Stake in All Blacks 'for sale' for R4-billion – but players could veto deal

Stake in All Blacks 'for sale' for R4-billion – but players could veto deal

New Zealand Rugby’s provincial unions unanimously agreed to a deal with California-based Silver Lake Partners at its annual general meeting in Wellington, selling a stake in the All Blacks to US investors.  

Chief executive Mark Robinson called it a one-off chance to reset the cash-strapped body’s finances. "We believe it is an exciting and truly transformational opportunity that can benefit the entire game for generations to come,” he said.

The decision ignored the opposition from top players who fear the deal will sully rugby’s most storied team. The proposed deal faces a potential veto from the Rugby Players Association.

NZR chairman Brent Impey described the deal as “compelling” and said it represented “a revolutionary turning point for rugby”.

“[It’s] a unique opportunity for New Zealand Rugby to drive commercial revenues to… enable investment into the areas of most need,” he said.

Concerns around the deal have intensified in the wake of the European Super League fiasco, when Europe’s top football clubs shelved a US-backed breakaway competition after an outcry from fans and officials.

Under the deal, Silver Lake will pay $NZ387.5-million (just more than R4-Billion) for a 12.5 percent stake in New Zealand Rugby’s commercial rights, and the right to negotiate merchandise and broadcast deals worldwide.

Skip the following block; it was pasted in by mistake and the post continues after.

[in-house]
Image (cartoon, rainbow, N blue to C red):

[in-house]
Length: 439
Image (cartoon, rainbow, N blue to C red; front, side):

The focus for the Americans is the All Blacks, the three-time world champions recognised globally as rugby’s most potent brand.

Robinson said the coronavirus pandemic hit NZR’s already strained finances so hard that at one point the governing body’s survival was at stake.

He told delegates from provincial unions “the future of the game is in your hands”.

▲ Impey was disappointed at the opposition from the players’ association, but said the vote showed the wider rugby community supported it.

He said that it would be a “terrible mistake” if the players’ association scuttled the deal.

Impey said the money would be used to help struggling provincial unions, develop the women’s game and increase youth participation.

He also said technology investments facilitated by the deal would give NZR the ability “to access millions of fans around the world”.

▲ The state of NZR’s finances was underlined when results released at the annual meeting showed losses of more than US$25 million in 2020.

Former NZR chief executive David Moffett has warned that Silver Lake, which boasts assets under management of US$79 billion, will squeeze all it can from the All Blacks brand – including the All Blacks playing “meaningless” exhibition matches in the United States to generate income from large crowds without providing a genuine sporting contest.

The players association has said it is concerned about appropriation of Maori and Pasifika culture, including the haka, and suggested alternative fund-raising methods to support the game.

In contrast with the fury vented by football fans recently, Kiwi rugby supporters have been largely silent about the private equity proposal, seemingly content to let the players’ union spearhead opposition.

Silver Lake did not respond to a request for comment on the NZR deal.

Adapted from AFP news release